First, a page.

For the short term, the Bolivian economy is in good standing. It has sufficient foreign reserves to tackle any adversity and, of course, the natural gas exports are still strong. The problem would be in the medium term when the price of natural gas and gasoline begin to fall and the intake for the Bolivian government is not as strong as it is right now. The question is, can the Bolivian government keep its transfer policies in the case that the demand for natural gas dwindles or even breaks down?

Of course, the report has a much better and more complete analysis and, as I said, it is worth a look.


Carolyn Juhne said...

Dear Miguel,

I read your recent article on Bolivia's Economic Performance (June 2012) and would love your perspective on some follow-up questions that I have. If you're open to this, is there an email address at which I can best reach you?



Miguel A. Buitrago said...

Dear Carolyn,
feel free to post your questions here. That's why I have this blog for. Thanks for your interest.

George Rogers said...

Dear Miguel,

With the trend of nationalizations in natural resources and energy gaining new momentum this year as Morales responds to populist demands, is Bolivia at risk of becoming isolated from foriegn capital like Argentina? The government announced its plans to enter the foreign debt market by issuing government bonds to foreigners this summer, which would lay the ground work for access to foreign currency, but has yet to do so. Separately, while public debt has decreased in the country what do private debt levels say about the state of the economy?

If you have a perspective on any of these questions, I would greatly appreciate your insight.

Thank you,

Miguel A. Buitrago said...

Dear George,
thanks for visiting. This first issue has been, for a short time, a puzzle to me. In spite of Morales' actions of nationalizing important parts of the economy, foreign investors are still staying put and willing. It is now clear to me that international businesses have the experience and the willingness to make money/invest adapting themselves to the local conditions. So, in this respect, I would argue that Bolivia will not become completely isolated from foreign capital. There are enough financial hawks out there to want to get involved because they "seem" to understand the risks very well. Of course, investors in the financial markets and multi-lateral organizations will be much more reserved. In that respect, I would agree with your statement that Bolivia has already been isolated.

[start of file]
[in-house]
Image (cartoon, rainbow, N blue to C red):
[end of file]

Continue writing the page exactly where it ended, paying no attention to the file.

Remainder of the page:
Miguel A. Buitrago said...

George, to the second question, Bolivia has been experiencing a favorable environment in terms of international prices of raw materials. Thus, it has been able to build up a significant level of reserves. This is important because it gives the economy a certain level of stability through liquidity. Based on that, the Bolivian Government has been implementing a "bolivianization" of the economy policy. This strategy is basically reducing foreign currency denominated transactions and financial activities. The government and the private financial institutions have been issuing debt in Bolivianos which has been met with an adequate level of demand. This is a situation, I think, particular to this favorable moment Bolivia is experiencing. So, to answer your question, the levels of private debt (which I do not know exactly right now) seem to be adequate with the level of productivity and growth of the economy. They are one factor of growth, I would say. The banking system seems to be operating the way it is supposed to, for the time being. For the moment, the health of the economy, however unconsolidated, seems to be good.

hbpublic said...

Hi Miguel,

do you know more or less independent sources about the current status (or launched projects) concerning petrochemical production in Bolivia? I heared, that most products are still imported from Venezuela. I heared as well, that Evo Morales expressed the wish to establish it but I can't find details about the progress of implementation.


Miguel A. Buitrago said...

Dear Hermann, I would suggest that instead of looking for independent sources you take a look at many sources (including those of the government) and make up your own mind. That is why I am listing here three of the ones I know:
How independent these are, probably not very, but all three can give you a pretty good idea of the whole.